A Year In Books

Hadley and Ernest Hemingway

For the last couple of week, I’ve been reading Paris Without End by Gioia Diliberto. It’s the true story of Ernest Hemingway’s first wife, Hadley Richardson. I am a massive fan of Hemingway’s writing and was very intrigued to learn more about his first wife, but what started out as an interest turned into a full blown love. This is one of my absolute favorite books I’ve read this year and not just because the story is so good, but because it was written with such sympathy and insight.

One of the most interested things I learned reading this book was that Hadley was such an inspiration in Hemingway’s writing. The more you learn about Hadley, the more you see her in some of his most famous female characters. In so many ways, Hadley represented the perfect woman to Hemingway- her naturalness, her strength of character, and her complete devotion to him. The life they created together was so beautiful, so full of love and joy. When they were together, it seemed as if they were one person instead of two and Hemingway drew extensively from that to create some of his most romantic couples. Hadley not only inspired him, she encouraged his writing and supported them both financially for the first years of their marriage. She never minded being poor, as long as Hemingway was writing, and write Hemingway did. Some of his best work, and certainly the work that defined his voice, was written while he was married to Hadley.

Of course, we all know how things ended between them. Hemingway fell in love with another woman, cheated on Hadley, and then left her and their son Bumby (Jack). It was very difficult for me to read these parts. Not only because I felt heartbroken for Hadley (she loved him through all of it), but also because it’s very difficult to reconcile the disdain you feel for one of your writing icons actions with the brilliance of their work. At some points, I never wanted to read Hemingway again (That would show him!). But, that’s certainly not what Hadley would want. She always loved him and supported him, even after their divorce, and for his part, Hemingway always regretted leaving Hadley and if you have read A Moveable Feast, it’s obvious how much he loved and idolized Hadley as well.

This book is amazing. Honestly, it was so illuminating to learn more about Hadley and it gave me so much more insight into Hemingway’s writing. It is written beautifully and it tells a pretty amazing story. Paris in the 20’s y’all. Paris in the 20’s with the Fitzgeralds, Gertrude Stein, Ezra Pound, and the Hemingways. Spectacular read.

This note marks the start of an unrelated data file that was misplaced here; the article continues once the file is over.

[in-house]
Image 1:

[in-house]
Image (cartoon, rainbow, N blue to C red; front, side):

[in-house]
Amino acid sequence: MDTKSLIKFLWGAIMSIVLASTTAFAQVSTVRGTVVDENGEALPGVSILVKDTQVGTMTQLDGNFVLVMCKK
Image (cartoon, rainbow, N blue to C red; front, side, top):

What are you kids reading?

20 thoughts on “A Year In Books

  1. Pingback: Retrospective. | As a Linguist…

  2. I just added Paris Without End to my Amazon wish list with a high priority, hoping that one of my relatives will take the hint as Christmas approaches ;)

    I’m taking a break from War and Peace so I can re-read (for the 4th time) Ethan Frome for a book club meeting. It’s not a chore since I really enjoy Wharton. After that, the list is so long…it’s hard to say what I’ll be in the mood for.

    Have you ever read anything by or about Martha Gilhorn? She’s the other Hemingway wife that I’m becoming slightly obsessed with.

      • I’ve read The Wine of Astonishment, a novel, and it was interesting enough to make me think I’d like to read more. I have a collection of her novellas that I plan to crack open over T’giving break. I also read Hemingway on the China Front, which was very interesting and focused on both of them as they were on a ‘spy’ mission during WW2 together. I love biographies so I’m still looking for a good biography of her, and I would really like to read some of her non-fiction.

  3. Pingback: A Year In Books « Girl on the Contrary

  4. I’d love to be able to share that I’m reading an amazing rare gem of a book, but instead I’m working my way through the Harry Potter series. However, A Moveable Feast is one of my favorite books of all time so I’ll have to read this one! Also just wanted to add that Hadley, at least in the picture you have here, has a Jackie O. thing going on. Pretty chic/awesome.

    • All the Harry Potter books are gems. If you love A Moveable Feast, you will definitely love this book. A Moveable Feast is basically a tribute to Hadley- Hemingway always loved her and in his mind and his writing she was the perfect example of a woman. And she was definitely chic/awesome. :)

  5. What a beautifully honest and compassionate review of this book, GotC. That it brought out such admiration and empathy in you speaks volumes (no pun intended) for the book and its story. Thanks for sharing your opinion. I’ll put the book on my list.

  6. I’m reading Purge by Sofi Oksanen, a fictional story written with regard to some of the true turbulent times in Estonia’s past. Very good read, though little hard to take at times, because one of the main characters is a victim of human trafficking and it goes into detail, but when you note that the things that happened in the other main character’s past really happened quite frequently during the Soviet occupation of Estonia (many Russians still refuse to admit this fact), then it all comes home. It gives a nice view of some of the culture and how the Estonians lived during those times. It’s my second time reading it, in fact!

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